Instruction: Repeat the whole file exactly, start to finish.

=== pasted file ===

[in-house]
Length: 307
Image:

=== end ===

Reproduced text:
[in-house]
Length: 307
Image: